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Title: Branch development responses to planting density and yield stability in soybean cultivars
Authors: Agudamu
Yoshihira, Taiki
Shiraiwa, Tatsuhiko  kyouindb  KAKEN_id
Author's alias: 白岩, 立彦
Keywords: Branching plasticity
Japanese cultivar
Land area per plant
Planting density
Seed yield
Soybean (Glycine max (L.) Merrill)
US cultivar
Issue Date: 2-Jul-2016
Publisher: Taylor and Francis Ltd.
Journal title: Plant Production Science
Volume: 19
Start page: 331
End page: 339
Abstract: The objective of this study was to elucidate variability among soybean cultivars in yield response at different planting densities in reference to branch development. We investigated the main stem and branch seed yield and the branching characteristics of determinate Hokkaido and indeterminate US cultivars at the Rakuno Gakuen University in Ebetsu. In 2009 and 2010, two Japanese and two US cultivars were grown at three densities from 9.5 to 20 plants m−2. In 2011 and 2012, three cultivars from each region were cultivated at three densities from 8.3 to 22.2 plants m−2. The seed yields of the US cultivars at densities of 16.7 plants m−2 or less were markedly higher than those of the Hokkaido cultivars, showing that their yield is less sensitive to lower planting density than Hokkaido cultivars. The difference in yield in response to planting density among cultivars was closely associated with a larger increase in branch seed yield with lower planting density, which effectively compensated for the decrease in main stem number per unit land area. The variability of branch development in response to planting density (branching plasticity) was quantified by correlating branch performance with plant spacing (land area per plant). Some US cultivars exhibited greater branching plasticity than Japanese cultivars with similar growth duration. Results of this study suggest soybean cultivar differs in responsiveness to varied planting density through different branching plasticity.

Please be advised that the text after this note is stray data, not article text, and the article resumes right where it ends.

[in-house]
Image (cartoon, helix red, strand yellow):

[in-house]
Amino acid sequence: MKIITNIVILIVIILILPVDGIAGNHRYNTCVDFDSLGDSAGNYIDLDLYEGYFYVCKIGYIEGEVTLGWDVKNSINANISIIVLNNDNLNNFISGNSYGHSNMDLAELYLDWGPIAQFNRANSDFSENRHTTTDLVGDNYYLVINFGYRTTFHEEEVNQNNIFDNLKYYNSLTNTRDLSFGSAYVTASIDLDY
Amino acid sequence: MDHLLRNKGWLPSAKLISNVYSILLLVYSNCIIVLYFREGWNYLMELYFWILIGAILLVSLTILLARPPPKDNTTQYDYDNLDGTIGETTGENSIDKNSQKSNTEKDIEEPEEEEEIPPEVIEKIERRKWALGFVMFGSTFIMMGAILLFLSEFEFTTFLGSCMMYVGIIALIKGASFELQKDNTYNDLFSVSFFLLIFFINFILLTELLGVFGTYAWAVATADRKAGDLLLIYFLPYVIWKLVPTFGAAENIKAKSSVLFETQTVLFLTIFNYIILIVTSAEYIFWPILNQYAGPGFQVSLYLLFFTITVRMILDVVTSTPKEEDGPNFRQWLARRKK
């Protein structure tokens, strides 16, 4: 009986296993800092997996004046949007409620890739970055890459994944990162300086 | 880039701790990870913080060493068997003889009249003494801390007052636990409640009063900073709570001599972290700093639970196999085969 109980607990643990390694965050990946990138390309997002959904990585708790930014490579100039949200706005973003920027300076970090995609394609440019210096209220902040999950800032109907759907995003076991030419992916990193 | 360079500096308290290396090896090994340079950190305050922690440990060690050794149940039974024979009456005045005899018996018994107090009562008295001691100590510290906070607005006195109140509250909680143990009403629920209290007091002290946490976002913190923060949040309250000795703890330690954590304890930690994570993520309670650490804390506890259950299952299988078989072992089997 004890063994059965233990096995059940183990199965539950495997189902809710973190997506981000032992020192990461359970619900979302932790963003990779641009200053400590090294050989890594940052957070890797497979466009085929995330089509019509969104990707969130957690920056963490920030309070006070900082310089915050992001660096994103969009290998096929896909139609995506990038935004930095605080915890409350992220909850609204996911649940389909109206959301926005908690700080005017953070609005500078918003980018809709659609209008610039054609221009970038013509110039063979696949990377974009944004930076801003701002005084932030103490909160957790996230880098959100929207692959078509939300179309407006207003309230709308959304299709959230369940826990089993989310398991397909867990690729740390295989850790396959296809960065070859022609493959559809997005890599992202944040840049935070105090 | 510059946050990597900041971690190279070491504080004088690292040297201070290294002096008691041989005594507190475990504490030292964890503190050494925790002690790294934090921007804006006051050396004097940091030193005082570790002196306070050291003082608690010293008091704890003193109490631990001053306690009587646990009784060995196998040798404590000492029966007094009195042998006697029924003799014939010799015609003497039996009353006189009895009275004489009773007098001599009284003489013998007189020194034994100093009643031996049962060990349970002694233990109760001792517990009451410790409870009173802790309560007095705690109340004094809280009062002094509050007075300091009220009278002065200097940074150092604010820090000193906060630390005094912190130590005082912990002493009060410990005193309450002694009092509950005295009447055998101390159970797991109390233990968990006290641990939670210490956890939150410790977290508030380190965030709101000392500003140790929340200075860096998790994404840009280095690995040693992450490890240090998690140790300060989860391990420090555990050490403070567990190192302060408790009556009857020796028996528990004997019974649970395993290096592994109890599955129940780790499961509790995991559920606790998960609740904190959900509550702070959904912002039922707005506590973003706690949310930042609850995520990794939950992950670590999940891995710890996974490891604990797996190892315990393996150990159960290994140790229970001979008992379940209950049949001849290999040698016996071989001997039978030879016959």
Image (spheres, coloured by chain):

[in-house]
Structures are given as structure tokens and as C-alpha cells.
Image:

Rights: © 2016 The Author(s). Published by Informa UK Limited, trading as Taylor & Francis Group. This is an Open Access article distributed under the terms of the Creative Commons Attribution License (http://creativecommons.org/licenses/by/4.0/), which permits unrestricted use, distribution, and reproduction in any medium, provided the original work is properly cited.
URI: http://hdl.handle.net/2433/218597
DOI(Published Version): 10.1080/1343943X.2016.1157443
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